Many people close to me have illuminated the idea that every person you meet, every person you pass in the street has a sad song – a melancholy melody that makes your heart sob and your heart scream.
Due to some people’s emotional constipation, we can shut ourselves off; isolate ourselves and lock away our emotions in one of the deepest, darkest corners of our hearts. In times of sadness, weirdness or whatever ‘-ness’ emotion your limbic system graces you with, you must not build up walls around your heart because getting the bulldozer in is a lot harder than mixing the cement.
Calcifying my emotions has been something that I have always struggled with – in the past I was not particularly good at expressing the way that I feel. I regularly feel caught in some kind of emotional limbo where I am between both happiness and depression, almost as if I am floating in a sensory deprivation tank. Except this tank is my brain, and the salt water is all the chemical reactions that are my poor little feelings.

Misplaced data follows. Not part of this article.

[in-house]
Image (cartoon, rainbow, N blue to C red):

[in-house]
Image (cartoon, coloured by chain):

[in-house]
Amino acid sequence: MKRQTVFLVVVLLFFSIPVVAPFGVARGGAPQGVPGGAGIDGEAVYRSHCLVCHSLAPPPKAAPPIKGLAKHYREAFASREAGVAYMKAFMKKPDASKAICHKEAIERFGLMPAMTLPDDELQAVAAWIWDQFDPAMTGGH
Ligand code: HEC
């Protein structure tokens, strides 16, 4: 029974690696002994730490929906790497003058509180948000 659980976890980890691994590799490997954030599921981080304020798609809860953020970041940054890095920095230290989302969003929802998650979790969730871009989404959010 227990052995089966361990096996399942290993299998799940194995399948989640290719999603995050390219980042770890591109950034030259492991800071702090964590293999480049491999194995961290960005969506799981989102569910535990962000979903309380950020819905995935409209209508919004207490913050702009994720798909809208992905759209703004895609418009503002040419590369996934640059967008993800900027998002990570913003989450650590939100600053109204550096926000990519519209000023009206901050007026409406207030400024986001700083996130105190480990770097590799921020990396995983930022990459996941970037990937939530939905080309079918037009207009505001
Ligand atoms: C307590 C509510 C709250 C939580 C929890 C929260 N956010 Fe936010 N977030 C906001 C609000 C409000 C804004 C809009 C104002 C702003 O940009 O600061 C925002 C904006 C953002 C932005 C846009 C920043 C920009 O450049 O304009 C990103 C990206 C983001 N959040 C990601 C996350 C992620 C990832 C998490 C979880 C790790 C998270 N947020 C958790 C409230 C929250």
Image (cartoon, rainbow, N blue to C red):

We all have a desire to save people, we all want to be seen as Superman to a particular person in our lives. We all want to be someone’s guardian angel, their saving grace or the shoulder they want to lean on at 4am. However, we must also consider how much strain being such an integral part of someone else’s emotional support can influence the projection of our emotions – it is very common for the Agony Aunt to be very stressed or unhappy themselves.
Sometimes, just sometimes, it is absolutely fine if one of the few people we manage to save throughout our lifetime is yourself.